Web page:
Registering domains related to your big idea or business name keeps others from using those names to pull traffic away from your website.
With a domain name, you can send customers, friends and prospects wherever you want – whether that’s a website, blog, social page or storefront.
Your domain gives you an exclusive piece of digital real estate that cannot be used by anyone else as long as it’s registered to you.
The extension is the part at the end of the domain name – .net, .biz, .org or .com, for example.
It could be your business name or your specialty.
We’ll tell you if that particular domain is available and show others you may like better.
You are now the proud owner of your very own domain. As long as it’s registered to you, no one else may use it.
There are at least two parts to every domain, the Second-Level Domain (SLD), and the Top-Level Domain (TLD). With new domain extensions, you can express your brand or story using both of these, on either side of the dot.
Registration: When you “purchase” a domain name, what you are actually doing is paying a fee to register it for some set period of time. That domain is yours to use in any of the ways we’ve outlined above until you stop paying the renewal fee.Renewal: To hold onto your domain, you must periodically renew it by paying a renewal fee. You can register a domain for anywhere between 1 and 10 years, then set it to renew automatically, or have us contact you when the expiration date is coming up. If you choose not to renew the domain, it eventually becomes available to the public again in the process outlined below: Hosting: Just registering a domain doesn’t put you on the Internet; you need the domain to point to something. If you want it to point to a website you build yourself, we offer a helpful hosting service so that your graphics, text, videos, and anything else you want on your site has a place to “live.” Having your domain and hosting service all in one place is convenient and cuts through the hassle of managing many different accounts all for the same website.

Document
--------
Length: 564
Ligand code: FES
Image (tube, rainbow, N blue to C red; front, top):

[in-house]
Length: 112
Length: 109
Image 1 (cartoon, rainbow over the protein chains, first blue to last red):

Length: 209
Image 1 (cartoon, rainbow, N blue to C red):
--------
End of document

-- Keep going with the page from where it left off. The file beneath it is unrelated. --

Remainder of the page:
Yes. Many people register multiple domain names and point each to a different part of their site. This makes calls to action to different parts of a website easy and memorable. With so many new domain extensions, you can keep your brand in the second-level domain, while changing the top-level domain to something like .SOCIAL or .VIDEO. The possibilities are almost endless.
Before you register your name, you might want to conduct a quick Trademark Search to see if a business in the same category as your own has trademarked your name or something similar to it. If so, you may want to choose a different name; trademark holders have several avenues to claim a domain name from you if it falls within their mark.